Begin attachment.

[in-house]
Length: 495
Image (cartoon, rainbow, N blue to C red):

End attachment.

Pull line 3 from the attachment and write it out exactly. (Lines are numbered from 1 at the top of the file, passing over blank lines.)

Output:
Image (cartoon, rainbow, N blue to C red):